In the second paper “Ideology, Certiorari, and the Development of Doctrine” (in progress), we turn to the partisan politics of circuit splits. We argue that splits present the Supreme Court with the opportunity to cheaply adopt one doctrine while obviating another. Thus, an ideologically-motivated Court should most want to review a polarized split, one with an ideologically allied side and an opposed side. A crucial and distinctive component of this theory is that the Supreme Court does not monitor individual lower court decisions but instead monitors the doctrine articulated therein, with the latter of far more relevance because of the many future decisions and latent decisions affected. Because we capture all cases implicating a given legal question, our dataset of splits allows us, for the first time, to characterize the ideological valence of doctrine itself. To test our theory, we develop a measure of split polarization and find support for our prediction that polarized splits are more likely to be resolved. The implications of this finding for the development of the law are profound. As the lower courts become increasingly political through new appointments, then so too will the Court’s docket, the Court’s decision making, and legal doctrine itself.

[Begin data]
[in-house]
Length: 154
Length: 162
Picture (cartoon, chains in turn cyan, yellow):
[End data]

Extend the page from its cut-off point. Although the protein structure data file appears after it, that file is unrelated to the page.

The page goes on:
In a third paper (planned), we will examine how policy-motivated litigants manipulate the growth of splits to achieve their desired outcomes nationally. Understanding litigant strategy is important in its own right as it shapes the development of law. But without taking into account litigant motivations, one cannot fully understand circuit splits, which are created and spread as the result of strategic interactions between judges and litigants, and, therefore, hierarchical review more generally.
In a fourth paper (planned), we return to the role of ideology in the judicial hierarchy. How ideology shapes judicial decision-making is the founding question of judicial politics. A common finding is that the Supreme Court, acting in a monitoring role over the lower courts, is more likely to review decisions made by ideologically distant lower courts. Yet in this literature scholars have been unable to distinguish between the Court’s choice to review a particular decision in a particular case from its choice to resolve a particular legal question. Thus conclusions about the Court’s ideologically-motivated monitoring behavior may be confounded by the types of legal issues that arise in “enemy” lower courts. Our dataset of conflicts allows us to hold constant the legal question across many cases, while “varying” the ideology of the lower court issuing the decision. Further, we can hold fixed the answer to the legal question itself (i.e., the actual doctrine) across cases on the same side of a conflict and see, under these ceteris paribus conditions, whether known results about ideology still hold.